To lead into both of these, I will give a quick summary of what I am comparing about the two and what the two are about as well as what they have in common. For instance, one of the biggest things about both of these situations is that even though confrontation is starting is a specific area, the intrigue and worry are starting to spread to different parts of the world. Who knows what Russia will do once they get what they want. I bet the whites were thinking the same thing about the blacks in “Blood Done Sign My Name”. (Tyson)
One of the biggest differences between the two incidences of Ukraine and the book we read would be the time periods, as well as duration of the disputes. Some say that racial injustice and oppression is still very relevant today, and of course the disagreement in the Ukraine is relevant due to the fact that it is all over the news at the moment. For the most part, black and white segregation was centered and isolated in the United States and stayed there overall. The thing about the Ukrainian struggle is that it started in Ukraine and Russia, and has stayed there, but it has a possible global ripple effect, if you will. Overall, the Ukrainian dilemma has already reached the world in terms of being aware of what i...
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... way of dealing with struggles involving a certain person or group of people who try to take away someone else’s God-given rights.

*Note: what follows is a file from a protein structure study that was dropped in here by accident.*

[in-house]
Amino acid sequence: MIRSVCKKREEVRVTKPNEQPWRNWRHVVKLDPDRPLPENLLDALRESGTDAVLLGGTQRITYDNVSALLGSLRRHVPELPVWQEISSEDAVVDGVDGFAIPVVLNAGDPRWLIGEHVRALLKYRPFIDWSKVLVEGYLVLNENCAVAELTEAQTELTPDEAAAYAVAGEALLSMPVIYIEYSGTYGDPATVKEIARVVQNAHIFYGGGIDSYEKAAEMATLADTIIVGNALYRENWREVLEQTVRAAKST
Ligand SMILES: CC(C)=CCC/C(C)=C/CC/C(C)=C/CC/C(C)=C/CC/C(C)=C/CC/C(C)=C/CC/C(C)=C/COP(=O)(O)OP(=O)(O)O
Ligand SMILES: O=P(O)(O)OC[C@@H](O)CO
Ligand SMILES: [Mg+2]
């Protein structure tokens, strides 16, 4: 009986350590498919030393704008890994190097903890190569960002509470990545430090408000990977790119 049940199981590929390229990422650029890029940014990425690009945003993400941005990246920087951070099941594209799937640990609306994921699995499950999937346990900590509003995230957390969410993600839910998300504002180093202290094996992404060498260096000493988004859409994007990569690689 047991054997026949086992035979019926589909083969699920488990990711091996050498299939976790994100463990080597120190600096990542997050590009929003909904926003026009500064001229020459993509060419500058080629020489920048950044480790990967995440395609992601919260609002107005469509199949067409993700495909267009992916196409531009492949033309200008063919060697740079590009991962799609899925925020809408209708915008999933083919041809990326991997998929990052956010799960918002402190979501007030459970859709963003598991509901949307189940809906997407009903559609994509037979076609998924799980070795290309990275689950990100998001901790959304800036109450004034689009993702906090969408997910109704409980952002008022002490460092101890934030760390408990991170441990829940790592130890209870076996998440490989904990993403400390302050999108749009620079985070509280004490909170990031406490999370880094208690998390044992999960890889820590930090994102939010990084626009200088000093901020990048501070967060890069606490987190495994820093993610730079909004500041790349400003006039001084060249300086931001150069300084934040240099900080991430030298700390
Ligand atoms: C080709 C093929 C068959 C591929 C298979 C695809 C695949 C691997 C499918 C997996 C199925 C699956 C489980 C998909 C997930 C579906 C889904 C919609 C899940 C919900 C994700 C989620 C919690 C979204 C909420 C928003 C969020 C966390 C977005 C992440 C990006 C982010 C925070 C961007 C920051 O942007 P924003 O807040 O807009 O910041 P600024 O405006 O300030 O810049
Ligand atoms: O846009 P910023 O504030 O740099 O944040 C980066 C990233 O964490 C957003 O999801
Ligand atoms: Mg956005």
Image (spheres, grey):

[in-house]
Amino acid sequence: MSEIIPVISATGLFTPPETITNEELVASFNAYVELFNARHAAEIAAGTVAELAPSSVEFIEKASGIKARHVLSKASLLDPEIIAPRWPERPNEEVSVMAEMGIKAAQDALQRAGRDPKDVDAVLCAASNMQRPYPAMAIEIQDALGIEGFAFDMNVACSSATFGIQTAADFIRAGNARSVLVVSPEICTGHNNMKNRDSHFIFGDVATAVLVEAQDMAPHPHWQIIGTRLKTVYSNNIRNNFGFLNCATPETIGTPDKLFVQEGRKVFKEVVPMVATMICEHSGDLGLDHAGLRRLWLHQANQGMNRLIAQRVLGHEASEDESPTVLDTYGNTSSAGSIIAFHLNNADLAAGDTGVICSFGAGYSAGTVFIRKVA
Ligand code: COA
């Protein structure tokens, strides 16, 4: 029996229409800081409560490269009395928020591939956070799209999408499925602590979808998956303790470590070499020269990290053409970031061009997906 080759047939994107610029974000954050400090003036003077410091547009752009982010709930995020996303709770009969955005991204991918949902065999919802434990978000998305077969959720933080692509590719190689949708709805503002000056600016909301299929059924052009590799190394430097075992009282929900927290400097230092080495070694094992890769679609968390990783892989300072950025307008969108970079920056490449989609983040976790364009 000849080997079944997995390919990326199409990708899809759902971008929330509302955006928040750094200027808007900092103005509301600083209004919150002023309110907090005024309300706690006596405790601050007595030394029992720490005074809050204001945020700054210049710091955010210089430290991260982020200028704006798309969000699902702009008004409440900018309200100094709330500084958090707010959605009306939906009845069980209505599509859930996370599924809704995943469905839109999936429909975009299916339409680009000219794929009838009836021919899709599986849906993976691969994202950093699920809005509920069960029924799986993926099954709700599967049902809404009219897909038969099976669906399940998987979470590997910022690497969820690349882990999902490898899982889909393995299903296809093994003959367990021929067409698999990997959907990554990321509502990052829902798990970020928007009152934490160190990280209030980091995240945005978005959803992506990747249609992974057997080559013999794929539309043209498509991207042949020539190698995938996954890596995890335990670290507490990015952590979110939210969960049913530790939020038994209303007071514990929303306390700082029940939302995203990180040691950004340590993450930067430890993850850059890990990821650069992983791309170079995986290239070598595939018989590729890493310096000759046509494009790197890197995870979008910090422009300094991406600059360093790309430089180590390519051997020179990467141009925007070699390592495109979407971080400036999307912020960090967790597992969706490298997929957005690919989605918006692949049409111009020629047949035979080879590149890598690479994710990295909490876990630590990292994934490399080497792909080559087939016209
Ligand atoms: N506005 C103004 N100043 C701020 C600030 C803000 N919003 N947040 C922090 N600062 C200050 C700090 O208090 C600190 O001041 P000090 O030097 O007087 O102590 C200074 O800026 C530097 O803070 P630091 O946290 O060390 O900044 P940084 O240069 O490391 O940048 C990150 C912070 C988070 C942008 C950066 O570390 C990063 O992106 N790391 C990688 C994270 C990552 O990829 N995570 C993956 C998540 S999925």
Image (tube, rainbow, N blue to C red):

"US 'to React' If Russia Crosses into Ukraine." - Europe. Aljazeera, n.d. Web. 29 Apr. 2014.
"'Desperate Struggle' in Ukraine: What You Need to Know about the Crisis."NBC News. NBC News, 28 Jan. 2014. Web. 01 May 2014.
Tyson, Timothy B. Blood Done Sign My Name. New York: Three Rivers, 2004. Print.
Olga Rudenko, Special for USA TODAY. "Russia Cranks out Propaganda as Militants Hang on in Ukraine." USA Today. Gannett, 30 Apr. 2014. Web. 30 Apr. 2014.
"'Russians' Occupy Crimea Airports." BBC News. BBC News Europe, 28 Feb. 2014. Web. 01 May 2014.
Englund, Will. "Kremlin Says Crimea Is Now Officially Part of Russia after Treaty Signing, Putin Speech." Washington Post. The Washington Post, 21 Mar. 2014. Web. 30 Apr. 2014.
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